- have cancer that is in the very middle of your chest on a scan or one that involves major blood vessels
- have had a major injury or surgery within 10 days of being put into a treatment group and your wound hasn’t healed
- have surgery planned while you are taking part in the trial
- have a heart problem such as high blood pressure that isn’t controlled with medication, angina that isn’t well controlled with medication, a heart attack in the last 6 months, congestive heart failure, an abnormal heart rhythm, or excess fluid on the heart
- have lost more than 10% of your body weight in the last 6 weeks
- have an ulcer in your stomach or a skin ulcer
- have an active or chronic hepatitis B or hepatitis C infection
- have a serious infection that needs treatment with antibiotics
- can’t swallow capsules or you have a problem with your gut that affects how you absorb medication
- have any other medical condition or mental health problem that the trial team think could affect you taking part
- are allergic to nintedanib or anything it contains
- are allergic to soy or peanuts
- have a problem with drugs and alcohol that could affect you taking part in the trial
This a phase 2 trial. The researchers need 114 people to join.
It is a randomised trial. You are put into 1 of 2 groups by a computer. Neither you nor your doctor can choose which group you are in. And neither you nor your doctor will know which group you are in. This is called a double blind trial.
You have 1 of the following:
- a dummy drug (
You have treatment as long as it is working and side effects aren’t too bad. You stop treatment if it isn’t working. Your doctor will talk to you about other treatment options.
Samples for research
The researchers will ask for samples of your cancer (a
They plan to look at:
- gene changes (
- substances called
biomarkersto help work out why treatment might work for some people and not for others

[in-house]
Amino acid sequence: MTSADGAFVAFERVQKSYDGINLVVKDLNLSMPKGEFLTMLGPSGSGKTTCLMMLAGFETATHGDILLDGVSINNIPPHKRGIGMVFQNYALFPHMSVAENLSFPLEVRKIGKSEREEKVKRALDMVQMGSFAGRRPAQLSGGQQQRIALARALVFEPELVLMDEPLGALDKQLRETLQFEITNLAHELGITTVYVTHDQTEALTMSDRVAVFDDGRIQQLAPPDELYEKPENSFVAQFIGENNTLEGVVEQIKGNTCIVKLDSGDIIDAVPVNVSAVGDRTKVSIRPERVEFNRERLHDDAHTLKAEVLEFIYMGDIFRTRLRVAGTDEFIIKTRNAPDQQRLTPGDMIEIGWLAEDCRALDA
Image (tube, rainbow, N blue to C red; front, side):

Activities of daily living questionnaire
You fill out a questionnaire at set times during the trial and after finishing treatment. The questionnaire is for older people to find out how they cope with activities of daily living. For example it asks about your ability to use the telephone, shop and prepare meals.
You see a doctor and have some tests before you start treatment. The tests include
- a physical examination
- blood tests
- urine tests
- a heart trace (
ECG) MUGAor ECHO
- CT Scan or MRI scan
Every 4 weeks you have:
- a check up
- blood tests
- tests to check your breathing (lung function tests)
You have a CT scan or MRI scan every 2 months.
When you finish treatment you see the trial team every 3 months. Or they phone you to see how you are getting on.
The trial team monitor you during treatment and afterwards. Contact your advice line or tell your doctor or nurse if any side effects are bad or not getting better.
The most common side effects of nintedanib are:
- fever (high temperatures)
- loss of appetite
- feeling or being sick
- an increased risk of infection
- a serious infection of the blood called sepsis
- tummy pain
- nosebleeds or coughing up small amounts of blood
- sore mouth including sores or ulcers
- inflammation of the tissue that lines the
- changes in chemicals in your bloodstream that control important functions of our bodies (electrolyte imbalances)
- skin rash, dry skin and nail problems
- numbness, tingling, redness or soreness on the palms of your hands or soles of your feet (hand foot syndrome)
- a nerve problem causing numbness, pain and tingling in the hands and feet
- liver problems
How to join a clinical trial
Dr Sanjay Popat
European Organisation for Research and Treatment of Cancer (EORTC)